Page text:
Momentarily after Penny got up to go to the bathroom, the clerk working at the Yogurt place voiced his discomfort with us 'idling' in the shop because they're meant for yogurt customers. We were patrons as I just bought tea for Penny, but I understood from his stance and did not want to give him grieve as an employee so I went to get a small cup of yogurt. But it reminded me, and validated Penny's stories of the prejudice she deals with as a houseless person. With me, as someone with money, she had immunity while she's in my company, but when she is alone, she is an autistic woman with the spirit of a child left to fend for herself. I understand the young man working was doing his job, but the soulless gesture pierced my heart like a spear because it brings out every fear I have for Penny when she is not with someone who has money or "decent presenting/looking" (whatever the fuck that means. At the end of the day, I get to go home to my bed and a roof over my head while I know Penny is outside struggling to just be. I am angry about a lot of things for those who knows me personally, but every time when I encounter prejudice not directly at me, I loose a piece of faith in humanity and I despair.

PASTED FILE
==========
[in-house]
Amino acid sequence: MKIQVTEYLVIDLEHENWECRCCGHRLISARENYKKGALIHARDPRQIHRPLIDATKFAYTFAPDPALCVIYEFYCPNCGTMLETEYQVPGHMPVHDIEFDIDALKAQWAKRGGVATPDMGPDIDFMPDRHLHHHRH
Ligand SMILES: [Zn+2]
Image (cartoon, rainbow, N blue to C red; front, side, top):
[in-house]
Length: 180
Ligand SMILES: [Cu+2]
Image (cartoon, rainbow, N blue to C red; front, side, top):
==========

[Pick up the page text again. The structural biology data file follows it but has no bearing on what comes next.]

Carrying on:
I feel no matter what I do my action does not matter in the end, and that none of us have a solution to any of this. None of us have the answer to solve the world's problem. Still, I can't help but wonder at the slightest possibility that if we were all to just live and show each other a bit of humanity, and not label ourselves as employees, as volunteers, as professionals, as experts at this and that, but just people-- mother fuckin' humans -- maybe, just maybe, we would be better off to exist exactly just as that. People.
By 9pm I had to leave. I parted with Penny at the yogurt store to keep warm until they would close at 10pm. I gestured in silence to the clerk to please allow her to stay and he gestured back at me with his hand made into an inch mark.
I walked back to my car in the rain and for the first time in a long time, I didn't feel numb, but just pain.
I sat there for a while listening to the rain to try to drown out my worries and images of Penny drenched in the rain flashing through my mind, along with all the other Pennys out in the street with mental health disabilities left to fend for themselves in a prejudicial world to face the harsh weather to come.
Then I, too, finally drenched my face from my own fear and worries.
I lost the battle to my own mind, and I just sat there, numb.
I do not think we have the solution.
I do not know of a solution.
Those of us who spend time with the homeless don't have much money. If you're able to help me reimburse my friend for his generosity last night, please make a donation here. Thank you so much.
I hope this short video from last night plays for you. https://www.facebook.com/BenjiVuong/videos/10100637718499231/
If it doesn't work and you'd like to see it, please contact me.
Susie Snortum is passionate about improving society's compassion for meeting basic human needs -- food, shelter, clean water, and dignity.